Historical Places To Visit For Spring Break

Back to Article
Back to Article

Historical Places To Visit For Spring Break

Josie Fillman, Reporter

Hang on for a minute...we're trying to find some more stories you might like.

Email This Story

With spring break coming up (April 1-5), you might not have many places to go. What, you gonna go down to your grandparents place three houses down? Ski at Mt. Brighton? Ha! Here are some places outside of Michigan for you to visit, and you might even gain a little knowledge:

  1. Jamestown, Virginia. Jamestown is the first successful English settlement in the New World, created back in 1607. You might find a lot here, including old artifacts from early settlers, Powhatan villages, a recreated 1610 forts. Stopping by the Back, or the James River could be fun, and the official settlement is a sight to see. You might even be able to see a replica of one of the three ships that cross the Atlantic to get to Jamestown, the Susan Constant!

  2. Williamsburg, Virginia. Williamsburg was once the capital of Colonial Virginia, forming a triangle with Jamestown and Yorktown. In the heart of Williamsburg is Colonial Williamsburg, with a real village where colonists once lived, and actors performing re-enactments in costume, and kids playing colonial children’s games across the streets! Visit old shops and see relics of what life was like back in the 1600s.

  3. Roanoke Island, North Carolina. Previously a colony of England is a tragic ghost story. A crew was sent out from England to find land. They found this island, which they called Roanoke Island. Life was doing well there. The fort was safe, and they soon interacted with the Native Americans, becoming friends with them. The captain had gone back to England to bring back more supplies. After close to around a year, he returned to the colony, but what he found shocked him. The fort was deserted. Nothing left. It was overgrown, as though it had been abandoned a while ago. There were no signs of life- or skeletons. The colonists were gone. While the captain searched, he stumbled across a tree with a marking. The marking was a code they’d developed, signaling for help. But centuries later, no one knows what happened to the Lost Colony of Roanoke Island.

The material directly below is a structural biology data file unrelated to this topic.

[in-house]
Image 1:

4. Fort Sumter, South Carolina. In Charleston, South Carolina, Fort Sumter was a sea fort. Built after the War of 1812, it was a high-class fort, built to withstand attacks. But on the morning of April 12, 1861, the Confederate opened fire and marked the beginning of the Civil War.

  5. World Trade Center, New York. Two giant twins stood the tallest buildings in the world. Home to many people’s jobs, it was extremely busy in New York. But it all changed when in the morning of September 11, 2001, a plane crashed into one of the towers. Today, where the towers once stood, is a memorial honoring all those who died in the attacks. Take a moment, just to honor them too.

If any of these places catch your attention, try to get your parents to go there for spring break! Because I’m pretty sure you ain’t going by yourself.